There are two post divorce actions that often require legal assistance: (1) modification of the settlement; or (2) enforcement of the settlement.
Generally modifications are sought when there has been a change in circumstances that makes the original agreement unworkable. Life changes are inevitable; children’s needs change, financial circumstances radically shift, health issues intervene, jobs are lost, and people move. The original divorce agreement needs to change to reflect the new reality. Whether a modification will be allowed depends on many factors including the language in your original settlement agreement. Generally, the courts look to whether there has been a “substantial change in circumstances” to justify the change.
Sometimes your ex spouse does not do what he is supposed to do pursuant to the original divorce or dissolution agreement and an enforcement action becomes necessary. For example, your ex-husband might not be paying spousal or child support, or he may be disregarding the original parenting plan. A motion for enforcement asks the court to “force” the other party to follow the judgment terms. The court has many remedies to force your spouse to comply with the original order such as wage garnishing, forfeiture of property or even (in extreme cases) incarceration. A court can award payment of our attorney fees if your ex-husband intentionally has violated the original court order.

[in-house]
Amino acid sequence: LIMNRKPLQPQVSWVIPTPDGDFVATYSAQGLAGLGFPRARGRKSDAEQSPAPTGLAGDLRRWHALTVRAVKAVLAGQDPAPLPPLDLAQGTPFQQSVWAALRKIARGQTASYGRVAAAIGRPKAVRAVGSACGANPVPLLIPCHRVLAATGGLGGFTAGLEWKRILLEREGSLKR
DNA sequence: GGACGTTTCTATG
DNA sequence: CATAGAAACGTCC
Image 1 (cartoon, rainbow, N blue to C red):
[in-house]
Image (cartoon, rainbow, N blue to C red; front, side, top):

At Newton Law Firm we can help you with the following:
- Review original settlement agreement to determine possibility of modification;
- Gather evidence necessary to prepare motion for modification;
- Explain the law and what is required to get the changes sought;
- Defend a motion for modification;